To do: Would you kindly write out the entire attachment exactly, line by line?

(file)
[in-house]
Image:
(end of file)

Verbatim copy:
[in-house]
Image: